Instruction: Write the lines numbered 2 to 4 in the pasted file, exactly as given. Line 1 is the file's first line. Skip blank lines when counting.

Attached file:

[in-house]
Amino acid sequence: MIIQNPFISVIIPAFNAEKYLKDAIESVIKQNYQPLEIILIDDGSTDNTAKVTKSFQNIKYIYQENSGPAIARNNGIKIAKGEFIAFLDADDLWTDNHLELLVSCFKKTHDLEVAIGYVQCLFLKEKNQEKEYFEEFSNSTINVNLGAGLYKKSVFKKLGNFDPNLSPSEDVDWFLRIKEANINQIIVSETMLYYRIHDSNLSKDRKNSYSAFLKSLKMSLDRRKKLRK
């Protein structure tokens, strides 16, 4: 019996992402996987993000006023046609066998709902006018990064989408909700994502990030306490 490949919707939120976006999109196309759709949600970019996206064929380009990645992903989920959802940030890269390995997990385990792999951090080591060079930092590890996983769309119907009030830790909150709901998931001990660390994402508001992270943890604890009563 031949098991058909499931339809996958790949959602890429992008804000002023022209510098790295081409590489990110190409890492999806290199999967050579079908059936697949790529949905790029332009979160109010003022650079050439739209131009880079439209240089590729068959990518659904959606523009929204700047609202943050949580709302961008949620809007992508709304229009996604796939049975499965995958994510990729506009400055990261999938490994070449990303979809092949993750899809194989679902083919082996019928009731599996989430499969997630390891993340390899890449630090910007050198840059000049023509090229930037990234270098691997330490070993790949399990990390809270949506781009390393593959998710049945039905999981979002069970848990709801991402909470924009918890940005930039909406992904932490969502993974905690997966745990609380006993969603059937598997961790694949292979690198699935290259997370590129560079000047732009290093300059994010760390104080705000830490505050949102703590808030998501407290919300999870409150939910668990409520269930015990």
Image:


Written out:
Amino acid sequence: MIIQNPFISVIIPAFNAEKYLKDAIESVIKQNYQPLEIILIDDGSTDNTAKVTKSFQNIKYIYQENSGPAIARNNGIKIAKGEFIAFLDADDLWTDNHLELLVSCFKKTHDLEVAIGYVQCLFLKEKNQEKEYFEEFSNSTINVNLGAGLYKKSVFKKLGNFDPNLSPSEDVDWFLRIKEANINQIIVSETMLYYRIHDSNLSKDRKNSYSAFLKSLKMSLDRRKKLRK
């Protein structure tokens, strides 16, 4: 019996992402996987993000006023046609066998709902006018990064989408909700994502990030306490 490949919707939120976006999109196309759709949600970019996206064929380009990645992903989920959802940030890269390995997990385990792999951090080591060079930092590890996983769309119907009030830790909150709901998931001990660390994402508001992270943890604890009563 031949098991058909499931339809996958790949959602890429992008804000002023022209510098790295081409590489990110190409890492999806290199999967050579079908059936697949790529949905790029332009979160109010003022650079050439739209131009880079439209240089590729068959990518659904959606523009929204700047609202943050949580709302961008949620809007992508709304229009996604796939049975499965995958994510990729506009400055990261999938490994070449990303979809092949993750899809194989679902083919082996019928009731599996989430499969997630390891993340390899890449630090910007050198840059000049023509090229930037990234270098691997330490070993790949399990990390809270949506781009390393593959998710049945039905999981979002069970848990709801991402909470924009918890940005930039909406992904932490969502993974905690997966745990609380006993969603059937598997961790694949292979690198699935290259997370590129560079000047732009290093300059994010760390104080705000830490505050949102703590808030998501407290919300999870409150939910668990409520269930015990």
Image: